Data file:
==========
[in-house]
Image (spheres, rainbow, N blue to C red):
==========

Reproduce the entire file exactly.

[in-house]
Image (spheres, rainbow, N blue to C red):